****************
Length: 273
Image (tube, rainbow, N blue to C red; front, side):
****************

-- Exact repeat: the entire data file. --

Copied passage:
Length: 273
Image (tube, rainbow, N blue to C red; front, side):